‘Russia is not an incubator’: Russian women banned from being surrogates for foreigners

By Charlie Sawyer

Published Nov 28, 2022 at 11:19 AM

Reading time: 1 minute

On Russia’s Mother’s Day—which fell on Sunday 27 November this year—Vyacheslav Volodin, speaker of the State Duma (the lower house of the country’s parliament) announced that the nation will soon adopt a law barring foreigners from contracting Russian women to be surrogate mothers for them.

According to Al Jazeera, though paid surrogacy is currently legal in Russia, the practice has been criticised by religious groups as commercialising the birth of children. In fact, the highly-liberal nature of Russia’s surrogacy laws has been under threat for quite some time now.

In 2021, conservative politicians within the nation began creating political waves, stating that the comparatively low cost of using a Russian woman’s womb rather than an American surrogate—nine months of gestation plus labour can be bought for around $20,000—has led to an unholy amount of babies being born and given to gay parents and foreigners, as reported by The Economist. Irina Yarovaya, deputy speaker of the Duma, told officials, “Russia is not an incubator.”

Volodin broadcast his opinions on the matter via the popular hybrid messaging forum and news app Telegram. He stated: “Everything must be done to protect children by prohibiting foreigners from using the surrogacy service. We will make this decision at the beginning of December.”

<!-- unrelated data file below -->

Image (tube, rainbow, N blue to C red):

The politician went on to associate the approximately 45,000 babies born by Russian surrogate mothers in the past few years with “child trafficking.” Volodin further claimed that allowing Russian women to bore children for foreigners has led to crimes such as illegal organ trade and “getting adopted by same-sex couples.”

Paid surrogacy is only legal in a handful of countries including Russia, Ukraine, Georgia, and a few US states. The soaring popularity of this method has unfortunately led to a rise in child abandonment and mistreatment.

As reported by the BBC, authorities who try to resolve and restrict exploitation—both of the children and of the surrogate mothers—are often faced with international dilemmas pertaining to the inconsistency of laws around the world. Therefore, regulation of the practice is far more difficult than one would expect.

If the Russian bill passes its third reading in December, it will be reviewed and officially signed into law by President Vladimir Putin.

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